Fog-Harvesting Mesh Provides Clean Drinking Water
Blog 5/28/2014 26 comments MIT researchers developed a process through which people “harvest” portable water by collecting water droplets from fog. MIT’s spin on traditional methods is expected to increase efficiency 500 times over, bringing clean, drinkable water to the arid regions that need it most.
Inventor Powers Implantable Medical Devices Wirelessly
Blog 5/27/2014 21 comments With medical devices that can be implanted inside the body becoming smaller and more sophisticated, researchers are trying to solve the problem of how to provide power to them without the weight or bulk of a typical battery. A researcher at Stanford University has come up with a novel way to send power to these devices wirelessly by using a new way to transmit electromagnetic waves.
This Watch Lets You Feel the Time
Blog 5/21/2014 9 comments If you or someone you know is vision impaired, you know how difficult it can be to do something as simple as check the time. Eone Timepieces recently developed a universal timepiece to address this issue, which will likely change the way watches are designed for the blind.
Top 10 Influential Female Engineers
Blog 5/20/2014 50 comments Engineering is often criticized for being a male-dominated field, but that is definitely changing. There are many enormously successful female engineers that currently have leadership roles in business and research, making decisions that have a broad impact on global markets and people’s lives. Here are 10 of them.
Multiphysics Simulation Software Works – What a Concept!
Blog 5/20/2014 1 comment The nice part about the term multiphysics is that it means exactly what it sounds like. Comsol’s multiphysics software handles system simulations that require the use of multiple types of physics, such as chemical structures, mechanical aspects, heat transfer, acoustics, and even electrical conditions.
Make a Hassle-Free Transition to C++
Blog 5/15/2014 11 comments To maximize the performance of your embedded system, you may want to give C++ a look. Start by attending our Continuing Education Class, Programming Embedded Systems in C++, next week.
Home Health Devices Will Double by 2018
Blog 5/15/2014 8 comments An aging population, the proliferation of connected devices, and the growing need to contain healthcare costs will produce a spike in the global market for home health technologies in the coming years.
10 Cyber Attacks That Wreaked Havoc
Blog 5/14/2014 24 comments Most of the significant cyber attacks -- think Stuxnet -- have occurred in just the past eight years. Here are the highlights of attacks that have disrupted business, nabbed IP, or forced plants to go haywire.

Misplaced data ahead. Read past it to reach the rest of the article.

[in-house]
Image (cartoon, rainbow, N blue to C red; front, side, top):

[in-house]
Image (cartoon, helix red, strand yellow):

Banana Pi Rivals Raspberry Pi
Blog 5/9/2014 2 comments There's certainly no shortage of single-board computers on the market today, but few have gained the popularity of Raspberry Pi. So what does a company do in order to compete against the fruity computer company with a cornerstone on the market? Developers, meet Banana Pi.
Video: Product-Design Grads Target Medical Woes
Blog 5/9/2014 3 comments Inventions for people suffering from asthma, seasonal affective disorder, and arthritis are among those developed by the 2014 graduates of Drexel University’s first Product Design Program. The program requires its senior class to create products that can solve real-life problems.
10 Epic Flaws in Product Design Revealed
Blog 5/8/2014 88 comments You can’t please every consumer 100% of the time, and that is certainly the case when it comes to product design. No matter how carefully something is developed or packaged, and no matter how many times its designers test and retest it, there is often some flawed design element in the product that only rears its ugly head with prolonged consumer use.
No Matter Your Expertise, You Belong on the Vehicle Design
Blog 5/7/2014 6 comments Design News recently published a Technology Roundup, which consists of a series of articles that help that multi-disciplined engineers get their jobs done. Regardless of which subsystem you’re responsible for, we all know that there’s a “need to know” on just about the entire vehicle. Hence, you’ll likely find this series of articles quite informative.
Manufacturing Jobs Keep Coming Back
Blog 5/5/2014 27 comments Using the term "reshoring" to describe the phenomenon, the Reshoring Initiative has been busy promoting a small but growing trend: the return of manufacturing to the US.
Blood Recycling Machine Uses 3D Printer
Blog 5/2/2014 20 comments Brightwake has collaborated with Stratasys to use the company’s Dimension 1200es 3D printer to create a machine called the Hemosep, which can collect blood spilled during surgery, concentrate the blood cells, and then transfuse them back into the patient.
Video: Robotic Rock Star Jam Session
Blog 5/1/2014 5 comments The talented swarming robots that danced to light and music at Cannes in 2012 have learned how to play Thus Spake Zarathustra, The Star Spangled Banner, and The Carol of the Bells.
The first Tacoma Narrows Bridge was a Washington State suspension bridge that opened in 1940 and spanned the Tacoma Narrows strait of Puget Sound between Tacoma and the Kitsap Peninsula. It opened to traffic on July 1, 1940, and dramatically collapsed into Puget Sound on November 7, just four months after it opened.
Noting that we now live in an era of “confusion and ill-conceived stuff,” Ammunition design studio founder Robert Brunner, speaking at Gigaom Roadmap, said that by adding connectivity to everything and its mother, we aren't necessarily doing ourselves any favors, with many ‘things’ just fine in their unconnected state.
Focus on Fundamentals consists of 45-minute on-line classes that cover a host of technologies. You learn without leaving the comfort of your desk. All classes are taught by subject-matter experts and all are archived. So if you can't attend live, attend at your convenience.